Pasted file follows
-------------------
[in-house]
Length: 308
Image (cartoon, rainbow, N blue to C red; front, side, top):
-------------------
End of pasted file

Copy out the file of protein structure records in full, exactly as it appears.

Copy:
[in-house]
Length: 308
Image (cartoon, rainbow, N blue to C red; front, side, top):